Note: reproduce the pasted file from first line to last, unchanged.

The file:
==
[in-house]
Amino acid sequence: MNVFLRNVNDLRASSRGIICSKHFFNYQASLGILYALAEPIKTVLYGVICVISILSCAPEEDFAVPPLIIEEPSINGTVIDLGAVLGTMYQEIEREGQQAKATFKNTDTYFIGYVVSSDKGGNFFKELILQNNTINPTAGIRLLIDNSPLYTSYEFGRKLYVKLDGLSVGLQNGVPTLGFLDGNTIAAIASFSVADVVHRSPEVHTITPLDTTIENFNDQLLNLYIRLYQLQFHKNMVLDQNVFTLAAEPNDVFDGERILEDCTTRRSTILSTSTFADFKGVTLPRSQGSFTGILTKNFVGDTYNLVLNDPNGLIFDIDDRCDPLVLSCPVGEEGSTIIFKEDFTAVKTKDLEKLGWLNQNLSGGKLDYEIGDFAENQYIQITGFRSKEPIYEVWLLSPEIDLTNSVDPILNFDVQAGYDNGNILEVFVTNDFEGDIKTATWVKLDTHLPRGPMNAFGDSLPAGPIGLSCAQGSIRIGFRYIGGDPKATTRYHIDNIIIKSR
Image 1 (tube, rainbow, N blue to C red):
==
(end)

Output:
[in-house]
Amino acid sequence: MNVFLRNVNDLRASSRGIICSKHFFNYQASLGILYALAEPIKTVLYGVICVISILSCAPEEDFAVPPLIIEEPSINGTVIDLGAVLGTMYQEIEREGQQAKATFKNTDTYFIGYVVSSDKGGNFFKELILQNNTINPTAGIRLLIDNSPLYTSYEFGRKLYVKLDGLSVGLQNGVPTLGFLDGNTIAAIASFSVADVVHRSPEVHTITPLDTTIENFNDQLLNLYIRLYQLQFHKNMVLDQNVFTLAAEPNDVFDGERILEDCTTRRSTILSTSTFADFKGVTLPRSQGSFTGILTKNFVGDTYNLVLNDPNGLIFDIDDRCDPLVLSCPVGEEGSTIIFKEDFTAVKTKDLEKLGWLNQNLSGGKLDYEIGDFAENQYIQITGFRSKEPIYEVWLLSPEIDLTNSVDPILNFDVQAGYDNGNILEVFVTNDFEGDIKTATWVKLDTHLPRGPMNAFGDSLPAGPIGLSCAQGSIRIGFRYIGGDPKATTRYHIDNIIIKSR
Image 1 (tube, rainbow, N blue to C red):